Shining light on priming in euphotic sediments: Nutrient enrichment stimulates export of stored organic matter

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Philip Riekenberg, Joanne Oakes, Bradley Eyre


Estuarine sediments are important sites for the interception, processing and retention of organic matter, prior to its export to the coastal oceans. Stimulated microbial co-metabolism (priming) potentially increases export of refractory organic matter through increased production of hydrolytic enzymes. By using the microphytobenthos community to directly introduce a pulse of labile carbon into sediment, we traced a priming effect and assessed the decomposition and export of pre-existing organic matter. We show enhanced efflux of pre-existing carbon from intertidal sediments enriched with water column nutrients. Nutrient enrichment increased production of labile microphytobenthos-carbon which stimulated degradation of previously unavailable organic matter and led to increased liberation of “old” (6855 ± 120 years BP) refractory carbon as dissolved organic carbon. These enhanced DOC effluxes occurred at a scale that decreases estimates for global organic carbon burial in coastal systems and should be considered as an impact of eutrophication on estuarine carbon budgets.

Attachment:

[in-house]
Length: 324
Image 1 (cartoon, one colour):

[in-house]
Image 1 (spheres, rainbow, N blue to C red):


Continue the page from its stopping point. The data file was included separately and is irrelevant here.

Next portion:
Biogeochemistry, Earth Sciences, Life Sciences, Oceanography and Atmospheric Sciences and Meteorology, Physical Sciences and Mathematics


benthic, carbon, microalgae, microphytobenthos, nutrient enrichment


Published: 2020-05-25 21:17

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CC BY Attribution 4.0 International

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